From November 1-2, the UK government hosted its inaugural AI Safety Summit, a gathering of international government officials, AI business leaders, researchers, and civil society advocates to discuss the potential for creating an international body to govern AI, akin to the IPCC for climate change. On its surface, ‘safety’ appears to be an unobjectionable concern after years of instances in which AI systems have caused errors that have denied people state benefits and cast them into financial turmoil, produced hate speech, and denied refugees asylum due to mis-translations of verbal testimony.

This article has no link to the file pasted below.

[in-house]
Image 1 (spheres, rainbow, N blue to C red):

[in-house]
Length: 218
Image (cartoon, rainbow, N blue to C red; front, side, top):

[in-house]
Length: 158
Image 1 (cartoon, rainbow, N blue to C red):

Yet the conception of safety that motivated the Summit is unconcerned with this category of harms, instead looking to a future hundreds of years from now where advanced AI systems could pose an ‘existential risk’ (x-risk) to the continued existence of humanity. The ideas behind the emerging field of ‘AI safety,’ a subset of which operate on the assumption that it is possible to prevent AI x-risks and to ‘align’ AI systems with human interests, have rapidly shifted from a hobbyist interest of a few small communities into becoming a globally influential, well-resourced, and galvanizing force behind media coverage and policymakers’ actions on preventing AI harms.

Where did these ideas originate, what material outcomes are they producing in the world, and what might they herald for the future of how we regulate and live with AI systems? [click to continue…]